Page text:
Russia Mulls Sending Two of Its FEDOR Humanoid Robots Into Space Next Year - RUSSOFT
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Russia Mulls Sending Two of Its FEDOR Humanoid Robots Into Space Next Year

The ambitious FEDOR project has received a number of upgrades in recent years, with plans to make the robots self-learning and even to use them to create colonies on the moon and fly solo space missions

Source: Sputnik
Jul 25, 2018
A source in the Russian space and rocketry industry has told Sputnik that a team of two FEDOR (Russian acronym Final Experimental Demonstration Object Research) robots may be sent to the International Space Station on an unmanned Soyuz spacecraft next August.

"We are considering using a Soyuz unmanned spacecraft to carry out a test flight of the FEDOR robot system next year," the source said.

"Furthermore, flights of either a lone robot or two robots at once are being considered," the source added.

According to the industry source, the flight of the FEDORs is seen as an opportunity to test them before they are sent into space aboard Russia's new Federatsiya (Federation) spacecraft, which is currently being developed and is expected to come online in the early 2020s. The humanoid robots will pilot the ships, but won't be confined to their storage compartments, either, and will serve passengers and assist human pilots by providing a variety of information on the flight based on pre-programmed algorithms.

The source noted that the idea has received preliminary approval from Roscosmos officials and been dubbed the 'Kiberekipazh' ('CyberCrew). Roscosmos has yet to comment on this information.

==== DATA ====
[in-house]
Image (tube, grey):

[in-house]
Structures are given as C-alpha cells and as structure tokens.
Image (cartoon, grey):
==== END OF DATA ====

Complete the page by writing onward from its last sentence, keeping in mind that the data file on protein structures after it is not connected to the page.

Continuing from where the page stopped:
Earlier, Sputnik reported that FEDOR is expected to take part in all three test flights of the Federatsiya, including an orbital test in 2022, an ISS docking test in automatic pilot mode in 2023, and with cosmonauts on board in 2024.

The FEDOR project is the brainchild of Android Technology, a Russian robotics concern, and the Foundation for Advanced Studies. The project began in 2014 as an anthropomorphic robot-rescuer for the Russian Ministry of Emergency Situations. The project's prospective use has since been expanded, and the robot is seen as a means to replace human beings in high-risk situations. To date, FEDOR has been taught to shoot guns, drive a car, work with a drill, traverse stairs and overcome various obstacles. It can also be operated remotely by an operator wearing a special suit, effectively becoming an avatar. In the future, developers expect their creation to be used in outer space, presumably for repair work on space stations.